How many different leases do you use in your business?

    “The most common is one lease, especially when the units are often similar. And, especially with smaller operators, one lease works.” Driver said. “However we are finding it is not uncommon to shift to a two- or three-lease template model, especially if there are significant differences in the properties. If you are an owner-operator, you tend to have one. If you are managing for different owners, who have different kinds of units, then you tend to see more” types of different leases, he said.

    The poll showed that:

    • 62% use a one-lease template
    • 30% use multiple lease templates
    • 5% use a custom lease by the owner
    • 2% custom lease by the tenant

    Do you know the difference between a lease and rental agreement?

    • A rental agreement is for short term tenants (often 30 days). It is usually automatically renewed at the end of the period unless either the renter or landlord ends it with written notice. These are month-to-month rentals, and the landlord can change the terms with notice.
    • A lease is a contract that grants a renter the right to occupy a rental unit for a specific period of time (often 6 months, or a year) as long as the tenant complies with the terms. The landlord cannot raise the rent or change those terms unless the tenant agrees.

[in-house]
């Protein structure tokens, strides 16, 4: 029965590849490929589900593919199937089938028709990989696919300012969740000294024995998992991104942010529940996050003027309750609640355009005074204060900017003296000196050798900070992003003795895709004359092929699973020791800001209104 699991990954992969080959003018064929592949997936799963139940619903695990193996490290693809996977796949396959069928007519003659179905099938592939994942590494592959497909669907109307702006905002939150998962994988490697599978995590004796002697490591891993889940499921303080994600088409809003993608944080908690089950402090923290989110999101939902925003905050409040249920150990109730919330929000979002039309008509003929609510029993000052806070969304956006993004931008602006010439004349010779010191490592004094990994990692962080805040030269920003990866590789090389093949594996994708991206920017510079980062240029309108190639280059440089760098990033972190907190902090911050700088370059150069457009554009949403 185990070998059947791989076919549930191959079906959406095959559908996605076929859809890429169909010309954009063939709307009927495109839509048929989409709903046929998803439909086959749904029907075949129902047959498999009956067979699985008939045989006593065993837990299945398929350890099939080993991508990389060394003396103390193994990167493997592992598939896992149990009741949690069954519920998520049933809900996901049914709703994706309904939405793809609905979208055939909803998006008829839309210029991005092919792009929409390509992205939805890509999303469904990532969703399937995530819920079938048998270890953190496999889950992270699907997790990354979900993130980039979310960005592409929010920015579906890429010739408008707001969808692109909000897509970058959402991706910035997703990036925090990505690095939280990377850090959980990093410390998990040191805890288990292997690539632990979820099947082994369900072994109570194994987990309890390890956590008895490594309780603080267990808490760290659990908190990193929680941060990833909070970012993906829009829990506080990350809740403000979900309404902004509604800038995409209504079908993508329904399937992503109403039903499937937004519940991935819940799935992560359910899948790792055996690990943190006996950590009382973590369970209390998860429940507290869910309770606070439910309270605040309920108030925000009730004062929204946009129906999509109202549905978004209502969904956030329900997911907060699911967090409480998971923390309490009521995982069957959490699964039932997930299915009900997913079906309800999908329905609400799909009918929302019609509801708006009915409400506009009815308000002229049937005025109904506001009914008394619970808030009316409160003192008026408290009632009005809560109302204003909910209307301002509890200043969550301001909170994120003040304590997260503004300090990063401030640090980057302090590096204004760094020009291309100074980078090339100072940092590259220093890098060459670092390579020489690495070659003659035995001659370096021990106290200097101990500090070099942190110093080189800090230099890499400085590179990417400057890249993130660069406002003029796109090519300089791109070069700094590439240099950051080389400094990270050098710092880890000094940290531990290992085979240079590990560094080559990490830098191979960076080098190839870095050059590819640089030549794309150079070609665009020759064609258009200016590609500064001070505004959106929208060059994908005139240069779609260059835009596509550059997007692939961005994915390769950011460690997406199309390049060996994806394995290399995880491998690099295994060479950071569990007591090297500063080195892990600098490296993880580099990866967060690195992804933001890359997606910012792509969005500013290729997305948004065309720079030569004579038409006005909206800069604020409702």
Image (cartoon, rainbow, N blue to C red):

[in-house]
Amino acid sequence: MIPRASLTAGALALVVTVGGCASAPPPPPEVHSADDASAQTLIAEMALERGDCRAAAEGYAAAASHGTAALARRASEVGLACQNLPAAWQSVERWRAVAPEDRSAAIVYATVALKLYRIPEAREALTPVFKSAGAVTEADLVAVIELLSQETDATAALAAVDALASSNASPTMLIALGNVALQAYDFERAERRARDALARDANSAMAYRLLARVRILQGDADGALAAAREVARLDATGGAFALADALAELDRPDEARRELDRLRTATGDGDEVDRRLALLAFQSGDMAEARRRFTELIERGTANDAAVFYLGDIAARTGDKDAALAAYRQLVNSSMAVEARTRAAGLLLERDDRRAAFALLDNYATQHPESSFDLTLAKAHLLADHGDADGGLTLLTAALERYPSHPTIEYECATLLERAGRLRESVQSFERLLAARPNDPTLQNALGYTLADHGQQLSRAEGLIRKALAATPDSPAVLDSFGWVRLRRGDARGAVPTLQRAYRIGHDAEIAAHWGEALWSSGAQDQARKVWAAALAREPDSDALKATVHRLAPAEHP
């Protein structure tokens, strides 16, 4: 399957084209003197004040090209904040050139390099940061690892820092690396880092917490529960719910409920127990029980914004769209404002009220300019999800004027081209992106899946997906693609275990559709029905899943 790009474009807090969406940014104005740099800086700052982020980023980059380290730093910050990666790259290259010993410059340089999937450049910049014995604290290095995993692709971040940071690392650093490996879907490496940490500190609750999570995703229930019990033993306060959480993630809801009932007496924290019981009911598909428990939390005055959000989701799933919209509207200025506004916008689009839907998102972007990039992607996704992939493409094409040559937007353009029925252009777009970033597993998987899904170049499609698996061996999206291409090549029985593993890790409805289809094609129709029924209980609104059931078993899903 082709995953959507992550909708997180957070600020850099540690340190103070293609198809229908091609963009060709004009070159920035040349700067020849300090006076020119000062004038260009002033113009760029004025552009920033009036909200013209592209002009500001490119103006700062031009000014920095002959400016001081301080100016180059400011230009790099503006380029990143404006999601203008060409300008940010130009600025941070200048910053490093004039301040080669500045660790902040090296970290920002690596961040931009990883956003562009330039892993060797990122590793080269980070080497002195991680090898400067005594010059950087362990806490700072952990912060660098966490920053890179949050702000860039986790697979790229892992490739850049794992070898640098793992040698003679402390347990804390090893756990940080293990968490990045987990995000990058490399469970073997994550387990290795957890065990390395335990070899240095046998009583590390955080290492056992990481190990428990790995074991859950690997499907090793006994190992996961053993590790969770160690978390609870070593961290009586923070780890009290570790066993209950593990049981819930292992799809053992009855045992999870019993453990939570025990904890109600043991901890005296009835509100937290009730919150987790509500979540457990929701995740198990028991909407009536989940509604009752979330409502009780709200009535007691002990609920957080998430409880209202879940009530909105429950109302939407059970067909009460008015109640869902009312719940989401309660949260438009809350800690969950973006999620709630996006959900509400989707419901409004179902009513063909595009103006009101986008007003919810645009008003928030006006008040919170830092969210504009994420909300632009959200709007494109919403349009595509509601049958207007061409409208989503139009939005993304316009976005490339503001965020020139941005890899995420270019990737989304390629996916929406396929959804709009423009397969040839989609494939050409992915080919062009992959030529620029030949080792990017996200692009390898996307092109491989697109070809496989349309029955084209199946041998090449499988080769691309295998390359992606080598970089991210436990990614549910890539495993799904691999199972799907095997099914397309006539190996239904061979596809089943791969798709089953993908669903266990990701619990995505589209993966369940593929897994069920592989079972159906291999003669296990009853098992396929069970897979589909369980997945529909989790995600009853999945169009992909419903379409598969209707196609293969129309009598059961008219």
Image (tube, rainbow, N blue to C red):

Will you deal with short-term rentals?

    “One of the things that has been hot in the industry lately is really how to handle a very short-term tenant,” Driver said.  “This is the sort of Airbnb problem that has been out there for a long time or the vacation rental. That is something worth thinking about when you are drafting an exemption, exclusion or a whole new lease that describes the behavior for any short-term leasee.” He also said, “These laws are changing quickly and it is well worth your time keeping abreast of the changes.”

    What about the issue of multiple tenants who may or may not be related?

    “Another one is this number of tenants’ problem that is worth addressing directly. When you see the opportunity, especially in a student housing situation, to be able to charge for multiple tenants there are some things to consider,” Driver said.

    “What we have found the courts will support is the number of bedrooms x two persons, plus one extra person as adults that meet that test. And so it is not unreasonable for your lease to actually contain language that describes that so you know that is very defensible.”